Sudevan's unconventional short films showcase his individuality and his strong connections to his rural milieu.

Sudevan, whose film ‘Thattumpurathappan' (Lord of the Attic) was in the competition section for short films in the recently concluded International Short and Documentary Film Festival of Kerala, is perhaps one of the most unconventional filmmakers to emerge on the video scene in Kerala. Sudevan hails from a remote village in Palakkad district, and never had any exposure to classics, film societies, or film festivals. The first film festival he attended was the one that showed his first video!

Visceral narratives

He has been making short video films for the last six years, all of which are notable for their deceptively simple visual treatment and sharp thematic focus. Sudevan is one of those rare organic filmmakers who is firmly rooted in his milieu, and weaves his narratives from them. Shorn of all technical finery, his films are visceral and have a captivating intimacy to them. More importantly, he believes in “real audience”– he would like to know and converse with them at a personal level. More than 1,000 DVD copies of his ‘Thattumporathappan' have been sold during the course of one year. It is also the natural outcome of Sudevan's commitment to marketing his film, most of which has happened through word of mouth publicity.

He has made four films, all of which have been made in association with Achuthanandan, his actor and alter ego, neighbour and producer, all rolled into one. He works with a limited crew, and uses only the most essential low-end equipment. But he makes elaborate preparations before each film: he discusses the film threadbare with Achuthanandan, charts out camera angles and movements, and identifies locations. Finally, they garner local support and infrastructure for production, and do detailed and repeated rehearsals before the actual shooting.

“I would place my camera and plan its movements in such a way that I perfectly know how it will look at the editing table,” says Sudevan. Their post-production work does not end with editing and mixing, but with a detailed plan as to where to show the films and how to reach their target audience.

His first video ‘Varoo' (2004) is a Kafkaesque take on the theme of ‘finding one's own way.' Shot with an ordinary video camera by an amateur, it charmingly captures winding country paths and verdant terrain in all its seeming simplicity and labyrinthine dimensions. His next film ‘Planning' (2006), looks at the flip side of a Malayali middle class family from the point of view of two thieves, who make detailed plans to rob a house when its occupants are away. Eventually, when they sneak into the house, they only find a letter that announces the decision of the house owner to put an end to his life, and lists out his mounting woes and debts.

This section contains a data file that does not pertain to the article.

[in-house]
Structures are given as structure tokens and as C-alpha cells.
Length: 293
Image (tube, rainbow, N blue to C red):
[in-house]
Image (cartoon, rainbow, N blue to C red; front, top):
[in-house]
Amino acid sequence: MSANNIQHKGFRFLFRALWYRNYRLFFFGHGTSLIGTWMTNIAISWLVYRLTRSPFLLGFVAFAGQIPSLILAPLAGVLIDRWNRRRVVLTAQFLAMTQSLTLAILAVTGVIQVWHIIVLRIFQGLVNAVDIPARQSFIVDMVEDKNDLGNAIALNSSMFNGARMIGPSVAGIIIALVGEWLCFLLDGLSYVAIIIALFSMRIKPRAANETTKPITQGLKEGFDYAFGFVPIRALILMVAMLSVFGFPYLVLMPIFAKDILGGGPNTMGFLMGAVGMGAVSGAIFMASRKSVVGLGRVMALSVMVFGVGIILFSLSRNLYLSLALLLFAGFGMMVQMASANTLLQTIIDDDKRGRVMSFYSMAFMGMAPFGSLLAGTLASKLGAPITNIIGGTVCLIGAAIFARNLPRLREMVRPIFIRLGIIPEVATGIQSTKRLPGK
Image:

‘Randu' deals with the theme of selfishness. It is about two labourers who are digging a well, one of whom chances upon a treasure. It turns out to be the fatal moment where they, who were one in their labour and life, become ‘two' – each monstrously following his own greedy dream.

‘Thattumporathappan,' his latest film, takes a bleak but hilarious look at the thriving spirituality ‘business.' Here is a young man who takes refuge in the attic of a house, while escaping the police. He gradually works his way out by donning the role of a god-man, and by exploiting the gullibility of the devotee living in the house. In the end, we find that the same house turns out to be the hottest spiritual destination in the locality. What makes the film interesting is the way in which Sudevan works through the tenuous and almost uncanny relationship between god and devotee, both dependent on each other, and yearning for ‘liberation.'

Duo at the centre

Interestingly, in all his films till date, Sudevan has worked with a duo at the centre – seeker of the path and the one who shows it (‘Varoo'), the two thieves (‘Planning'), the manual labourers (‘Two'), and the ‘god' and devotee (‘Thattumporathappan'). Having gained enough experience and confidence, he is planning to venture out to work on a larger canvas and format.

He has assiduously built an audience network by showing his film at all possible venues. But he would like to avoid the mistake of the hero of his first film and would like to find a way of his own, without falling for the lure of empty offers and trodden paths.